by Mitch Kokai
Senior Political Analyst, John Locke Foundation
This weekend was not the first time Ginsburg has spoken less than discreetly about a hot-button issue. When she criticized Roe v. Wade at the University of Chicago in 2013, it was not because of anything the decision had or had not done; it was because it “stimulated the mobilization of a right-to-life movement and an attendant reaction in Congress and state legislatures.” “It seemed to stop the momentum” toward the reduction of abortion restrictions, she lamented.
When the feminist outlet Jezebel reported this remark, it worried in passing that Ginsburg might be “hesitant to pass anything broad-sweeping when it comes to marriage equality rulings.” Precious. Not only is Ginsburg the go-to justice for same-sex-wedding officiating, but she is currently featured in advertisements by the Human Rights Campaign. “Supreme Court Justice Ruth Bader Ginsberg [sic] agrees Americans are ready for marriage equality,” the ad declares.
For Ginsburg, the law is an instrument toward political ends. When she declared in her 1993 confirmation hearing that her reading of the Constitution relied on “the climate of the age,” she was offering not an interpretive rule, but a political one. The jurist who thinks there are “populations that we don’t want to have too many of” (three cheers for Roe for helping out with that!) is really just waiting for the climate of the age to catch up with her fevered pursuit of justice. Someday we yokels will see that a good eugenics program is just what we need.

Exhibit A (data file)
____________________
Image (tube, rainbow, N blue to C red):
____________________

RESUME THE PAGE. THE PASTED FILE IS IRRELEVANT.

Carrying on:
The acclaim for Ginsburg’s distinguished legal career is, then, really acclaim for her unorthodox political career. Go back to those dissents. If you read reports from left-wing media, Ginsburg is the Jon Stewart of Supreme Court opinions: her dissents are “ferocious,” “withering,” “blistering,” “barbequing,” and (my personal favorite) “disemboweling.” Justice Scalia, eat your heart out!
But Ginsburg gets her dissents made into songs not because they actually eviscerate opponents’ arguments, but because she is already an icon. The whole arrangement is backwards, to wit: She is not a feminist hero because she is (in the words of Rebecca Traister, writing at The New Republic) “bone-crushingly robust yet simultaneously appealing”; she is “bone-crushingly robust yet simultaneously appealing” because she is a feminist hero.